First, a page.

Peregrine Falcons are the fastest animals in the world. When the birds attack their prey (typically other birds) they launch into a “stoop” which is a near vertical dive, and have been clocked at speeds well in excess of 200 miles per hour. Consider that for a moment…a living creature that can fly at 200+ miles per hour! They are literally missiles with wings.

Peregrines are one of those birds that are not all that uncommon, but can be uncommonly difficult to find and see. The reason is that they like to nest and hunt in places humans can’t go, namely sheer cliff walls above the ocean. A friend of mine had told me there was a pair that had been seen near the Port of Los Angeles, so I decided to visit this area and try to find them.

Sunrise is usually the best time to find them, but I timed my visit to be there at sunset, and then return again in the morning so I had two chances to make a picture. I watched and waited patiently as the sun sank ever lower and painted the sky in fiery orange and pink tones, but no falcons.

The next morning it was so foggy I could barely see to drive, but I made my way back to the cliffs and hoped it would burn off enough to shoot. After more than an hour of shivering in the wind and mist, and still seeing no sign of the falcons, I surrendered to the siren song of hot coffee and packed up.

Over breakfast I pondered the wisdom of driving all this way to see a bird I was far more likely NOT to see, but that’s the nature of the beast if you want to photograph wildlife. When predators hunt they fail far more often than they succeed, so I consoled myself with that thought.

Sort of. And then I decided that I would stop by the cliffs one more time on my way home.

As soon as I got there I saw a lone falcon sitting on an outcrop of rock high above the ocean! I framed him up in the camera and made a few pictures, and they looked good, but “good” is never the goal for me. The world is full of good pictures. I always want something that I haven’t seen before, something that surprises me and shows me something I didn’t know about an animal before. And then suddenly my falcon turned and launched himself off the rock, falling straight down with his wings still tucked in. He looked like a skydiver rocketing head first down the cliff wall.

And then he was gone, obscured by the cliff. But he left me with a little gift to take home 🙂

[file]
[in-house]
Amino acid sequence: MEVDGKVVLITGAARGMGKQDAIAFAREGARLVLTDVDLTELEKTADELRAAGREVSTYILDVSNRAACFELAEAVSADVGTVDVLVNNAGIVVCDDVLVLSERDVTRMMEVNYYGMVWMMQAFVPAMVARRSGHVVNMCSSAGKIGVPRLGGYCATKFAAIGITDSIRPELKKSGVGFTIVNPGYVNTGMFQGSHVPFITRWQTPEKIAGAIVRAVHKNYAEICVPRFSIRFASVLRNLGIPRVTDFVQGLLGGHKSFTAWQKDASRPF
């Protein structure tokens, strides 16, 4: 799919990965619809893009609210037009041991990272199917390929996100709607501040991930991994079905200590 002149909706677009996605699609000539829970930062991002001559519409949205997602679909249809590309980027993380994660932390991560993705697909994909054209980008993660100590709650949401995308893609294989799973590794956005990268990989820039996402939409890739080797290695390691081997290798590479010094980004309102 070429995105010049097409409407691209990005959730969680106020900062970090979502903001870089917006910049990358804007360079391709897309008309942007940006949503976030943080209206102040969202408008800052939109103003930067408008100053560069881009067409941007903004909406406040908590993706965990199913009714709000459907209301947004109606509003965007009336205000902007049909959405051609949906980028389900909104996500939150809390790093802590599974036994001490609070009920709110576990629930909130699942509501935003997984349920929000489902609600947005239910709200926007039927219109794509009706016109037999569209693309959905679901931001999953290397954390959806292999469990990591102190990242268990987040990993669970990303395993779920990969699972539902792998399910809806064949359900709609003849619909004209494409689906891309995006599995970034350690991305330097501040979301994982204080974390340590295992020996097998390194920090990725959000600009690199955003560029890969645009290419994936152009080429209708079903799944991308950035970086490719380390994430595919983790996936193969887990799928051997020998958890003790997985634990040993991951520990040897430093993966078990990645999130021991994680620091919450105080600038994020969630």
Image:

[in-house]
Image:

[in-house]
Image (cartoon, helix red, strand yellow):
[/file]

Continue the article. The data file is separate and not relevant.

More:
7 Replies to “The Need for Speed”

  1. And what a fantastic gift. Wildlife and nature are full of these gifts for those with the patience to find and accept them. Glad to hear your patience and persistence paid off. I still hope to one day photograph one of these fantastic birds. And I hope you also get more opportunities, perhaps to try panning with that 200 mph dive! 🙂

  2. Thanks Todd, I am going back in a couple of weeks when breeding season is underway, hopefully will have more action going on. This location is a “sit and wait” situation and I’m not really built for that, too restless! If I don’t hike at least 5 miles looking for pictures I feel like I’m slacking off 🙂

    Take care.

  3. What cool pictures! How long do you have to watch and wait for the perfect picture? Did you just get lucky and happen to be taking pictures when it dove?

    1. Hi Stormi, I went to this location 3 times over 2 days, saw nothing at all the first 2 times, despite waiting a couple of hours. The third time I saw the falcon right away, but they will often sit on a branch or a rocky ledge on the cliff and wait for a bird to come along. That’s their primary prey. That’s exactly what this one did, and I watched him for maybe 30 – 40 minutes. That’s an easy picture to shoot, but not very exciting. The shot I really wanted was the falcon stepping off the ledge into a steep dive. I had him framed up in the camera when he FINALLY saw a bird and leaped off the ledge. I think this picture is actually more interesting because it’s unusual to see them in full tucked position as they begin a dive.

  4. Hi Stormi, I went to this location 3 times over 2 days, saw nothing at all the first 2 times, despite waiting a couple of hours. The third time I saw the falcon right away, but they will often sit on a branch or a rocky ledge on the cliff and wait for a bird to come along. That’s their primary prey. That’s exactly what this one did, and I watched him for maybe 30 – 40 minutes. That’s an easy picture to shoot, but not very exciting. The shot I really wanted was the falcon stepping off the ledge into a steep dive. I had him framed up in the camera when he FINALLY saw a bird and leaped off the ledge. I think this picture is actually more interesting because it’s unusual to see them in full tucked position as they begin a dive.

  5. He truly looks like a skydiver! That shot is impressive! PS Tammy asked me to tell you she sent me to your blog LOL. But honestly I admired your pictures on her Sunday post for months now!

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